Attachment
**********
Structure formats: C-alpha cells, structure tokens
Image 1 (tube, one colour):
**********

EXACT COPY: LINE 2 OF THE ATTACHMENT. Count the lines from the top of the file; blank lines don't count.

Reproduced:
Image 1 (tube, one colour):